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By: Lauren Altschuler, CBI, CEPA
If you are like most business owners nearing retirement you may be tired or feel like you’re drowning in the day-to-day operations of your business. If you are dreaming of retirement to be able to spend time with family, relax, or travel the world, you may want to consider an exit plan. As a small business owner, it’s easy to get caught up in the hustle and bustle of running your business and neglect planning for the future. But if you want to ensure a successful exit, it’s time to start preparing your business at least five years ahead of time, for succession or sale.
Five Key Steps That Will Help You Start The Exit Planning Process:
1. Consider Whether You Are Financially and Mentally Ready
Preparing your business for sale is just the first step – you also need to be ready mentally and financially. Many sellers want to know the best time to sell their business, but the truth is, it’s when the business is running smoothly and generating a lot of cash. If you don’t have a post-sale plan, it’s important to start thinking about what you want to do next. If you’re not mentally or financially prepared, it may be best to wait until you are. So, how do you know if you are ready? Answer these questions. Do you have a solid game plan for how you will spend your time after the business sells? Have you been working with a wealth advisor and tax accountant to understand A) How much you need the business sale to generate in order to be able to live comfortably and B) Do you understand the tax consequences of the sale, and how much money you will have after all the business and sale expenses have been paid? These include advisor fees, paying down business debt and taxes.
2. Conduct a Business Valuation and Document Your Inventory, Furniture, Fixtures and Equipment
If you’re considering selling your business, it’s important to know its true market value. An M&A advisor can help you assess the current market climate, understand buyer evaluation criteria, and determine the value of your business. Knowing the market value of your business will help you determine if now is the right time to sell and provide a benchmark for improvement. It’s important to clean out obsolete equipment and inventory and write it off. It’s also key to know exactly what current inventory and FF&E the business owns.
3. Clean Up Your Financial Statements
To make your business attractive to buyers, it’s essential to clean up your financial statements. Hire a bookkeeper, controller, CFO or fractional CFO to help ensure the balance sheet and income statement are accurate and follow accounting best practices. Remove any personal expenses from your income statement, such as salaries of nonworking family members or discretionary expenses. Most buyers will want to look at the last three to five years of your company’s cash flow, so it’s important to ensure your financial statements are accurate and trustworthy. If you are running personal expenses through the business, you want to stop doing that five years out from a sale. The value of a business is based on a multiple of cash flow. If you are keeping profits down to avoid paying taxes, you will lose the multiple of that cash flow when the business sells.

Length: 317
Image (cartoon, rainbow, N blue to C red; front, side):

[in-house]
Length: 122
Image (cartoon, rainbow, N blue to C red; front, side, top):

4. Consider Who Buyers Might Be
While it’s impossible to predict the future, preparing an exit strategy can help you be ready for unexpected events. Consider who you might sell your business to, whether it’s an heir, a business partner, an employee, or an outside party. Determine if liquidation would be the best option, or if you’d like to retain a position on the board or be involved in the transition process. If an employee is being promoted to fill your shoes, consider providing leadership or other training. Your plan will ultimately influence how you run your business.
5. Make Your Business Attractive to Buyers
To get the most return on your investment, work on increasing revenues and profitability for at least three years leading up to a sale. A business that is attractive to buyers will present positive cash flow, customer diversity, recurring revenue, and well documented and efficient processes and systems. The more you can remove yourself from the day-to-day operations of the business, the better. Consider what drivers will determine how successful your business is in the future, and work with a financial analyst or exit planning advisor to help you improve value. Be transparent about any weaknesses the buyer’s due diligence team may find, and fix any issues before bringing the business to market.
By following these steps, you can prepare your business for a successful exit. Planning ahead will save you time, money, and heartache, and put you in a much better position to negotiate. Remember, your business is your baby, and you want to ensure you get the return on investment you deserve, and that it’s in good hands when you’re ready to move on.
Lauren Altschuler, CBI, CEPA
Lauren is a Certified Business Intermediary (CBI) and a Certified Exit Planning Advisor (CEPA) with over 30 years of business and M&A experience. Lauren helps business owners achieve their business exit goals through a successful merger or acquisition. She is a business advisor at Transitions In Business, a Twin Cities based M&A firm that specializes in selling business to business and healthcare, transportation, manufacturing, distribution and construction/trade services companies.